I’ll be really excited if Jeffrey were to land with a team that has a solid tight end already, but lacks a big WR threat. The Tennessee Titans come to mind. Even if other red zone targets take away some of his looks, if he can increase his success rate, he’ll easily return WR1/2 numbers.

Terrelle Pryor

Pryor’s first season reuniting with former head coach Hue Jackson was a major success. The QB-turned WR had a fantastic season, finishing with 77 receptions for 1,007 yards. He was able to do all this despite potentially being the best QB option on his own team.

The Browns lacked any other real receiving options, which lent to Pryor having 140 targets, 12th most in the league. While his targets may decrease depending on where he goes, the quality of his targets should increase. Cleveland’s QBs combined for just 15 TDs, tied for second fewest in the league. They fared a bit better, though not much, in adjusted yards per attempt, as they finished just 5th worst.

Wherever Pryor winds up, even if it is in Cleveland, the QB situation should be improved. Cleveland will either take a talented young QB in the early rounds, or look to trade for one. If he goes elsewhere, well, the QB situation will easily be better than what he had to deal with last season.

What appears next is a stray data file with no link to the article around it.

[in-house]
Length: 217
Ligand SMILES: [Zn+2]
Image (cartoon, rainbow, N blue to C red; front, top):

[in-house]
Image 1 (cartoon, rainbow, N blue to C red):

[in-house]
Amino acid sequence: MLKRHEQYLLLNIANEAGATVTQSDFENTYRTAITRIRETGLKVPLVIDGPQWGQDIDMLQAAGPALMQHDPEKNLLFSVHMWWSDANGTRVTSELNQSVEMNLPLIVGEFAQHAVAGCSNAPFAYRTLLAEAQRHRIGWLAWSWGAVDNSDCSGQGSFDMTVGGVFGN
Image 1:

DeSean Jackson

For the fourth straight year, Jackson finished in the top ten in yards per completion. That should not come as a surprise for the still lightning fast 30 year old WR. It also shouldn’t have surprised anyone that Jackson came on strong to finish the 2016 season during a contract year. Between Weeks 12 and 16, Jackson eclipsed the century mark four times on just 17 receptions. He also added a pair of touchdowns.

Jackson still has the ability to stretch the field, and when focused, he’s a dangerous WR that can score any time he touches the ball. The obvious concern is if that mental focus will be there after he gets paid. As long as he lands in the right situation with a big-armed QB and coach that keeps him in check, there’s no reason to think Jackson can’t have another productive season.